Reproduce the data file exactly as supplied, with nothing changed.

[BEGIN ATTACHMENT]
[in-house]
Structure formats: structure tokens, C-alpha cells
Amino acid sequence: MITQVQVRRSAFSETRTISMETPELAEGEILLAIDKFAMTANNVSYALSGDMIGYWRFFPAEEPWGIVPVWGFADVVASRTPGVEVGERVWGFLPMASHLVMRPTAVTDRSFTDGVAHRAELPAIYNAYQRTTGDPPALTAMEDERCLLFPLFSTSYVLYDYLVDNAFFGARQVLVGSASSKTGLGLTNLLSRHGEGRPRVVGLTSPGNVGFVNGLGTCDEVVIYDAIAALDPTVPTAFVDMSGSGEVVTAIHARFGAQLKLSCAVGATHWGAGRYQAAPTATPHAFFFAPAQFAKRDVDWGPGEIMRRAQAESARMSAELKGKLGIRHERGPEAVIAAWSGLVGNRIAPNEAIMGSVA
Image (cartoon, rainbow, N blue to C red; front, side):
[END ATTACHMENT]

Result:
[in-house]
Structure formats: structure tokens, C-alpha cells
Amino acid sequence: MITQVQVRRSAFSETRTISMETPELAEGEILLAIDKFAMTANNVSYALSGDMIGYWRFFPAEEPWGIVPVWGFADVVASRTPGVEVGERVWGFLPMASHLVMRPTAVTDRSFTDGVAHRAELPAIYNAYQRTTGDPPALTAMEDERCLLFPLFSTSYVLYDYLVDNAFFGARQVLVGSASSKTGLGLTNLLSRHGEGRPRVVGLTSPGNVGFVNGLGTCDEVVIYDAIAALDPTVPTAFVDMSGSGEVVTAIHARFGAQLKLSCAVGATHWGAGRYQAAPTATPHAFFFAPAQFAKRDVDWGPGEIMRRAQAESARMSAELKGKLGIRHERGPEAVIAAWSGLVGNRIAPNEAIMGSVA
Image (cartoon, rainbow, N blue to C red; front, side):